Fancy a bet on the Michigan Wolverines, Michigan State Spartans, Detroit Red Wings, or Detroit Pistons?
With the Big Ten Conference’s decision Tuesday to postpone fall athletics — including NCAA cash cow college football — Michigan’s sports bettors are left with only MLB’s Detroit Tigers and, assuming the NFL can successfully stage a season amid the COVID-19 pandemic, the Detroit Lions, as the only local wagering options among major North American team sports.
“The mental and physical health and welfare of our student-athletes has been at the center of every decision we have made regarding the ability to proceed forward,” said Big Ten Commissioner Kevin Warren in a statement released Tuesday. “As time progressed and after hours of discussion with our Big Ten Task Force for Emerging Infectious Diseases and the Big Ten Sports Medicine Committee, it became abundantly clear that there was too much uncertainty regarding potential medical risks to allow our student-athletes to compete this fall.”
Big Ten Commissioner Kevin Warren explained the decision to postpone fall sports in 2020: pic.twitter.com/NnCXQmGEZS
— Big Ten Network (@BigTenNetwork) August 11, 2020
The Big Ten, which was joined in its decision to postpone by the Pac-12, did not rule out “the possibility of competition in the spring,” according to the statement. After a roller-coaster 48 hours that included reports of all Power Five football conferences ditching the fall season, an aggressive push from college athletes and coaches to save the season (University of Michigan head football coach Jim Harbaugh made a particularly strong appeal), and even a tweet from President Donald Trump urging the conferences to continue with fall football, the fallout from Tuesday’s announcements could affect the SEC, ACC, and Big 12’s efforts to continue with the fall season, the financial well-being of Big Ten and Pac-12 schools, and local economies from Ann Arbor, Mich., to Eugene, Ore.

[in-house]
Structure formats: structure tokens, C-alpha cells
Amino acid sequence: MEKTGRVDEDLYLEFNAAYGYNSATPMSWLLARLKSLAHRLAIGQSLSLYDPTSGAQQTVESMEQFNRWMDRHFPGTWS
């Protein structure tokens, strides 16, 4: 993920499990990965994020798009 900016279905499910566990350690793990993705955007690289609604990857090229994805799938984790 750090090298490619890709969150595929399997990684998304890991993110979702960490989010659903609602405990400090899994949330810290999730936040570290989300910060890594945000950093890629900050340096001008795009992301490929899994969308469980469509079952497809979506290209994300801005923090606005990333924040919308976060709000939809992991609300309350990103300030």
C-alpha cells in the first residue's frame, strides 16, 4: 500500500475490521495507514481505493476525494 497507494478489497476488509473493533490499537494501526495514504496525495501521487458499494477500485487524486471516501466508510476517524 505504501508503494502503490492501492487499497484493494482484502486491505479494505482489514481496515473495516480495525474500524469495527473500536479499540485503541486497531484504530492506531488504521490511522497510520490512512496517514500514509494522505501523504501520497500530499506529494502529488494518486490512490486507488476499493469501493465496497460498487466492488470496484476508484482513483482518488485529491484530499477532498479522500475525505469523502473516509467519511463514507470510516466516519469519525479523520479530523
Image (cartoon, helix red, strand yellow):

But for sports gamblers in Michigan, the meaning of the Big Ten’s decision is clear — for the remainder of 2020, no legal wagers will be placed on Michigan Wolverines or Michigan State Spartans football games.
State Rep. Iden ‘disappointed,’ remains confident in online gaming rollout
State Representative Brandt Iden, an influential backer of Michigan’s sports gambling legislation, criticized the Big Ten’s decision. “I was deeply disappointed by the decision,” he said. “Even if you’re an MSU fan, like myself, one has to admit that Coach Harbaugh was right today when he and other coaches from around the league attempted to reason with the league using statistics, data, and science. He noted that there have been zero positive cases from his football team over the past 353 tests administered.
“Simply put,” Iden went on, “we can control this virus both on and off the field if proper social distancing precautions are put in place [and] teams adhere to CDC recommendations and remain vigilant about regular testing. However, despite this unfortunate setback for the fall collegiate season, Michigan is moving forward with establishing our mobile sports gaming regulations, and I remain confident that we will be ready by the end of the year, with or without sports.”